G. Willow Wilson, Ms. Marvel: Last Days. Compared to the volume I read last month, this was much better. I know that the apocalyptic scenario here is a larger Marvel comics scenario that Wilson and her team have to work around, but I think they did a lovely job of the characters in crisis. I am not the least bit attached to whatever else is going on in the Marvel universe. This is pretty much the only one I’m reading, because I like Alif the Unseen and wish that Wilson was still writing novels, and this is how I get her work right now.

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False Hearts, by Laura Lam

Review copy provided by Tor Books.

Usually when a book is compared to a mass media property, whether I love or hate the mass media property, I find the comparison inaccurate to the point of annoyance, because the comparison is there for people who are not me. Specifically, it is there to lure in people whose main points of comparison are all filmed, who think entirely in terms of filmed media, which are mostly not all that similar to written media in how I enjoy either.

In this case, however, several of the reasons I enjoy Orphan Black–barring Tatiana Maslany’s astonishing acting skills–were entirely present in False Hearts, and the comparison was completely apt. And I love Orphan Black. So: wow. Go figure.

Tila and Taema are formerly conjoined twins, formerly residents of a semi-primitive cult, now cured of both conditions and living in the San Francisco of the future, a peaceful city of the new nation of Pacifica. Taema believes that she knows her sister better than anyone in the world–until Tila shows up soaked in blood, with the police on her heels. All the evidence points to her as that rare bird, an actual murderer rather than someone who can get her violent impulses out in medically assisted virtual parlors. Reconciling that with the sister she knows–and diving into an underworld she never cared to explore–becomes Taema’s mission. She needs to prove to herself and the police either that Tila is as innocent as she believes, or that she didn’t really know her sister at all.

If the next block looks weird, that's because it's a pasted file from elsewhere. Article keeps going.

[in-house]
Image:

So you have the sibling relationships, you have the murky past, you have the running about future adventure stuff, you have a certain amount of bio-SF albeit along a different axis than in Orphan Black, you have a strong acceptance of differences but also understanding that none of it is simple…really. The comparison is not a bad one. And yet it does so with book nature, not with false cinematic consciousness. So okay, good then.

Please consider using our link to buy False Hearts from Amazon.

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Vaasa, Finland: its ruins, its pizza, its gelato

We continue the series that is mostly here to do English language restaurant commentary on things that don’t have a lot of English language reviews/commentary. Proper restaurant reviews require multiple visits, which we could not do for obvious reasons. But we could have benefited by having something in English that said something about where to get lunch in a given city, at least what kind of food a restaurant had.

Vasa/Vaasa (depending on whether you use the Swedish or the Finnish spelling–and it’s a bilingual city in a bilingual country, so the answer is not obvious) was not a planned stop on our trip. It was a lunch stop. We needed to stop somewhere between Turku and Oulu for lunch, and Vasa was timed perfectly. I saw a sign reading, “Gamla Vasa/Vanha Vaasa.” I said to Tim, “Gamla means old. Gamla Stan in Stockholm is full of little boutiques and restaurants and things. Turn here, maybe we can get lunch here.” (You can learn bits of Finnish by knowing bits of Swedish: Vanha also means old. Useful in the less overtly bilingual parts of Finland.)